[They're] going to dance around like in the final scene of Star Wars, like they just defeated the evil empire. Go ahead dance around and do whatever it does that assuages your white liberal guilt but nothing has changed, nothing will change. This is the biggest nothingburger story ever ... Maybe we can get therapy for [them], chip in, get to the core of their guilt and understand what is it that’s nagging you.

Well, we didn’t dance around like Ewoks, but myself and other Native people from across the country celebrated together via social media at a Facebook Event page called, appropriately enough, “Redsk*ns Trademark Cancellation Day.” And it didn’t “assuage our white liberal guilt” but it did mark an important step for Native people fighting against defamation and stereotypes and toward obtaining protections under the law that other ethnic groups in the U.S. have enjoyed for decades and that we are only starting to realize now 50 years after the March on Washington.

I had to laugh as Cooley and company wondered aloud why this is an issue, and the only reason they could come up with was that it's an attack on the team’s improved performance. It's obvious that, insulated in their conservative world of professional football, they have been completely blindsided by the social media organizing of Native people and our allies in organizations like Eradicating Offensive Native Mascotry, which I helped found, and which now has more than 900 members from across the United States and Canada representing tribal members from hundreds of tribes and communities both urban and reservation.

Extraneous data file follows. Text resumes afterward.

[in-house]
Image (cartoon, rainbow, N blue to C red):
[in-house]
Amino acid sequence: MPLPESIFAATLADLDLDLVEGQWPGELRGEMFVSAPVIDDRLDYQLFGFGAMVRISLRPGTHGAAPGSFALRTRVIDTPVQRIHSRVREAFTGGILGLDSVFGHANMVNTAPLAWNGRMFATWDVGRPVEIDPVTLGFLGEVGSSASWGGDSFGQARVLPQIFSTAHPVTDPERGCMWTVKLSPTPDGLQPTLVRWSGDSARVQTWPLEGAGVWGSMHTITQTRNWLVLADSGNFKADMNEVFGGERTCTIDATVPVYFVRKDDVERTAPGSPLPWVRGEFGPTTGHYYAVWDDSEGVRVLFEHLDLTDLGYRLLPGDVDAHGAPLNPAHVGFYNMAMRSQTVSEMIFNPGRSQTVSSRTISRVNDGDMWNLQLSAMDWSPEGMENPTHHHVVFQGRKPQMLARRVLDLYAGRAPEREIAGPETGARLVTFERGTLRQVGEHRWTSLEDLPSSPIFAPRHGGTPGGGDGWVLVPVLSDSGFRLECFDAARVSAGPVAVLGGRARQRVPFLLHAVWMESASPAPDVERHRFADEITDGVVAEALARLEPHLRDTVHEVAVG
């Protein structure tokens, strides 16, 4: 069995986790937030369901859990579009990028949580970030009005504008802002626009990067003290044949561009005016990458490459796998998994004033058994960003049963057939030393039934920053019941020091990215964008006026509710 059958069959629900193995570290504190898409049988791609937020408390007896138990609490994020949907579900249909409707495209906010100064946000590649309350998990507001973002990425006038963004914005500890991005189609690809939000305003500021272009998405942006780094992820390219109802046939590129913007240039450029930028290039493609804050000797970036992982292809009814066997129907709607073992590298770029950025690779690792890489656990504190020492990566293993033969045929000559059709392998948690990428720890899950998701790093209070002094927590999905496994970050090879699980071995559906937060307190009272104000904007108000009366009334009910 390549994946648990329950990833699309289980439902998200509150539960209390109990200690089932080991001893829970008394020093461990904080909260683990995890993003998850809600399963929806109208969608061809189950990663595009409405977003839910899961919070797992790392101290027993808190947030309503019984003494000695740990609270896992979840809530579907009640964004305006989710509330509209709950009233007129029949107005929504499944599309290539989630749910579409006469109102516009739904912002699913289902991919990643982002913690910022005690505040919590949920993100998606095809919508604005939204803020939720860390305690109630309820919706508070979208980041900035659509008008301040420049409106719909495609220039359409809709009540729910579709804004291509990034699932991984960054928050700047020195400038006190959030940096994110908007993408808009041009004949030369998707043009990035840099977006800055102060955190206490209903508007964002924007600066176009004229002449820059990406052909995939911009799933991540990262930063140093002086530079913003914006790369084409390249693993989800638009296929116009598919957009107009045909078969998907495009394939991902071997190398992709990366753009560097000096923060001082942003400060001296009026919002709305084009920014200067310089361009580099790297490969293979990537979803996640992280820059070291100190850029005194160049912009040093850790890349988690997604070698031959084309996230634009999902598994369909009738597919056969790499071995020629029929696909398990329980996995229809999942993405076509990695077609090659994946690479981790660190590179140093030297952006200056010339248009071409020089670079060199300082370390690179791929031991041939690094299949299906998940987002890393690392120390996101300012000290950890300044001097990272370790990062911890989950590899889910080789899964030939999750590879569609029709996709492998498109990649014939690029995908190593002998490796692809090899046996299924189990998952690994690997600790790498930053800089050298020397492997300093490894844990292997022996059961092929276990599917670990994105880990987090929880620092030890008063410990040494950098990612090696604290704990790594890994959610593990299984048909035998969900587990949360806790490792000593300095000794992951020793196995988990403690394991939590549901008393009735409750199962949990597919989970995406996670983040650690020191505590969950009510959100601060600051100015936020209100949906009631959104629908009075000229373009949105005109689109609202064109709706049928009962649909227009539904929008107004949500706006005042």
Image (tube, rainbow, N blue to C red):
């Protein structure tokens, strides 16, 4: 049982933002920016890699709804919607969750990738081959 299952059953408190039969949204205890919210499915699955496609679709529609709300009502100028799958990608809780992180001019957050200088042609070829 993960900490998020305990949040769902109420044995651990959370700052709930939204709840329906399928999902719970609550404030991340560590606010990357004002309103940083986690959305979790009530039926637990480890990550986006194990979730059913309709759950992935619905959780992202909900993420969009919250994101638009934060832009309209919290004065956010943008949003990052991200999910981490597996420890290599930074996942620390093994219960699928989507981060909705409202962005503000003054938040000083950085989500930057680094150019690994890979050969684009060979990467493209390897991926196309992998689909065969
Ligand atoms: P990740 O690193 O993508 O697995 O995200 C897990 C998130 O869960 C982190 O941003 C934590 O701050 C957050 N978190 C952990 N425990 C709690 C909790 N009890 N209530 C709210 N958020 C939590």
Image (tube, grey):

For decades we have lagged behind other groups in getting recognition for our concerns, because we are only 1 percent of the population — a staggeringly low figure that is itself a legacy of U.S. policies designed to remove us as a threat to expansion into our lands. I know from arguing with the team's supporters online that virtually none of them have ever even met a Native American person. Railing against me and other Natives is often the first time they’ve had a conversation with an actual citizen of a remaining Native nation.

What I find the most amazing when talking to supporters of the team name is the complete absence of knowledge about the Native community that they speak from, yet they nonetheless feel emboldened to speak for us, insisting, for example, that we don't find the name offensive.

This all falls in line with studies showing that the use of Native mascots actually inflates the self-esteem of non-Natives, while having the opposite effect on Native people themselves. In a 2008 research paper, Stephanie Fryberg, a cultural and social psychology scholar and an enrolled member of the Tulalip Tribe, reported that exposure to mascot images like Chief Wahoo decreased Native youth self-esteem even more than that of stereotypically negative images (such as those depicting alcoholism and homelessness). These results even held true for Native people who claimed to find Native mascots positive.